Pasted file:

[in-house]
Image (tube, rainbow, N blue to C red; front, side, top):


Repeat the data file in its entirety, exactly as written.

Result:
[in-house]
Image (tube, rainbow, N blue to C red; front, side, top):